Call it an overdeveloped sense of duty.
Perhaps the boss is so cheap they don’t offer sick days. Or maybe people are fearful of “missing something” while out of the office. Or simply having imminent deadlines dangling overhead that must be met otherwise heads will roll…
Whatever you call it, it’s an ugly workplace truth.
Time and time again (especially in the winter season), really sick people who SHOULD NOT be at work drag themselves into the office to share their cold/flu/sore throat and spend the entire day wheezing, hacking, and sneezing, all the while fitfully pumping the Purell container on the edge of their desk to clean their hands in a feeble attempt to “sanitize” their work space.
(Not that the HVAC system doesn’t simply scoop up their cloud of contagion and spread it evenly throughout the office, anyway.)
Yes, it’s true.
I am a cold-hater.
I loathe colds, but I also loathe people who try to be valiant and tough by struggling into the office, and end up spending very little time working but enough time sharing their bug. Most of them are ordinarily wonderfully pleasant co-workers, but once the germs invade their bodies, the viruses seem to take over their brains, too.
This loathing… it’s purely selfish, actually.
I just know once Sickie McSickSick arrives in the office, flush-faced with fever, the odds have just skyrocketed I will soon be feeling as miserable as they are… and shortly, all of my work will be impacted just as much as theirs.
And the fact they coughed all over the copy machine isn’t making me feel any better, either. Time to sneak out the sanitizing wipes…
So, really… why can’t we just stay home when we are sick, or at the very least, in the contagious phase (24-48 hours after coming down with the bug)?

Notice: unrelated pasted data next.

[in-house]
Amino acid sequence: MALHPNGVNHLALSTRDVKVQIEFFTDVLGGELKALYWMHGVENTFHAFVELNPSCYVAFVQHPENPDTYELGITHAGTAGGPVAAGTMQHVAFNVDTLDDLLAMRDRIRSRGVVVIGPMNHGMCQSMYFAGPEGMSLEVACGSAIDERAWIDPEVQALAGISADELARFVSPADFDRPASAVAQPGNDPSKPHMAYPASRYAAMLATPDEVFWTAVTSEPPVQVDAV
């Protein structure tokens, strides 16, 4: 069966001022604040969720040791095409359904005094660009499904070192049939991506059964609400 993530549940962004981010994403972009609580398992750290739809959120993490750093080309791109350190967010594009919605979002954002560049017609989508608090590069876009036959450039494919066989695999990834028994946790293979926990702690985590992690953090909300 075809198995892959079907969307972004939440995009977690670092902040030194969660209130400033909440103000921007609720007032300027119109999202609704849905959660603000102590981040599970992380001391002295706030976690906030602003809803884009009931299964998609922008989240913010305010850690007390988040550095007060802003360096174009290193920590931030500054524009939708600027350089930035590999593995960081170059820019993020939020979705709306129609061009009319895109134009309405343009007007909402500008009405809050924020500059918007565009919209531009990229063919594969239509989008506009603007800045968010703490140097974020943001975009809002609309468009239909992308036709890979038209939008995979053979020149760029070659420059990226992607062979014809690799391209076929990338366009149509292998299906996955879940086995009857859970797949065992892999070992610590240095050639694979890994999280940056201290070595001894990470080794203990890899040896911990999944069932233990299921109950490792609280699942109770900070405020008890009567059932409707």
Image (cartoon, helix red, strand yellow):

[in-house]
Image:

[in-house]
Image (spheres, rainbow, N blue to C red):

We don’t want to be there. Our boss doesn’t want us there either, and neither do our co-workers.
So what gives?
Will the world really end if we aren’t sitting at our desk? What in the heck are we so afraid of that we drag ourselves in despite wishing desperately to stay in our warm bed and pull the covers over our heads?
I don’t honestly know.
Money-wise, any smart manager would realize by offering (then enforcing) sick time will ultimately reduce the ripple affect (and therefore, lost productivity) caused by other staff catching the bug currently making the rounds, then calling in sick themselves. What little gains made by someone coming to work with the flu are quickly lost by additional staff subsequently picking up the bug and being absent in days to come.
I don’t know about you, but trying to focus on an important task while burning away at a 102+ degree fever isn’t my idea of fun. You can probably also make a good bet the task might not be up to the usual quality when completed by someone in a delirious state of mind.
Dawn Rasmussen, CMP, is the president of Portland, Oregon-based Pathfinder Writing and Career Services. Clients from across the United States and Canada and from all career levels have benefited from Dawn’s highly-focused and results-oriented resume, cover letter, and job search coaching services.
No work sick image from Shutterstock